Revisiting the trans-situationality of values in Schwartz’s Portrait Values Questionnaire


Schwartz in his famous theory of basic values follows Parsons and Rokeach in arguing that human values are trans-situational or context free. For any individual, the same personal value priorities exist across different life contexts such as the workplace, the school or the home. This assumption influenced the design of Schwartz’s Portrait Values Questionnaire (PVQ), which is widely used in the measurement of values. There is a tendency in the literature on values measurement to take this assumption for granted, but some cross-cultural research questions it. In our quest to improve validity and reliability in the measurement of values we used a quasi-experimental two-wave panel study to test Schwartz’s assumption, in the design of his PVQ, that values are trans-situational. Data was collected from sociology classes at two universities: one in Austria (n = 52) and the other in South Africa (n = 61). In the first wave the respondents completed Schwartz’s context-free version of the PVQ, and thereafter they completed a second PVQ with their family/home context in mind. In the second wave, 2 weeks later, the respondents completed the PVQ with the university context in mind. We used various statistical methods in our analysis of the data including a modified Cronbach’s alpha, the Student t test, Wilcoxon signed-rank test, Stouffer’s z test and multi-dimensional scaling. Our overall findings support a scenario where respondents have a universal set of values, but the way they prioritise their personal values is somewhat influenced by the value priorities associated with the life context they are thinking about.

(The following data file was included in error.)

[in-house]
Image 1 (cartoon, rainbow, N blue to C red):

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Fig. 1

Source Schwartz (2012, p. 9) (we use the most recent version of Schwartz’s model, which is marginally different to the model published in 1992. Schwartz has granted us permission to reproduce this diagram)

Fig. 2
Fig. 3
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Fig. 5
Fig. 6


  1. 1.

    A substantial difference was assumed if the absolute difference in the means was equal or larger than 0.4.

  2. 2.

    In order to measure the similarity of patterns we used the shape-distance formula: \(d(x,y;\,{\text{Edwards/Cavalli{-}Sforza}}) = \sqrt {2 - 2\cos (x,y)}\) (Edwards and Cavalli-Sforza 1964 in Sodeur 1974, p. 92). Only the shape, not the size, was included in the calculation.


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Correspondence to Jacques de Wet.

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Conflict of interest

The authors declare that they have no conflict of interest with respect to the research, authorship or publication of this article.

Ethics approval

Ethics approval for the study referred to in this paper was granted by the Humanities Faculty Ethics Committee at the University of Cape Town.

Informed consent

Informed consent was obtained from each respondent who participated in the study.


Appendix 1: Schwartz’s PVQ items and values

See Table 8.

Table 8 Schwartz’s PVQ items and values (Female Version) (Schwartz 2009)

Appendix 2: Pairwise differences in the means of the 3 versions of the PVQ for Austria and South Africa

See Tables 9, 10, 11 and 12.

Table 9 Mean differences for Austria using the t test for dependent samples
Table 10 Mean differences for South Africa using the t test for dependent samples
Table 11 Mean differences for Austria using Wilcoxon signed-rank test
Table 12 Mean differences for South Africa using Wilcoxon signed-rank test

Appendix 3: SPSS-syntax

SPSS-syntax for computing Cronbach’s alpha


SPSS-syntax for parallel analysis


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de Wet, J., Wetzelhütter, D. & Bacher, J. Revisiting the trans-situationality of values in Schwartz’s Portrait Values Questionnaire. Qual Quant 53, 685–711 (2019).

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  • Schwartz’s Portrait Values Questionnaire
  • Trans-situationality of values
  • Quasi-experiment
  • Measurement error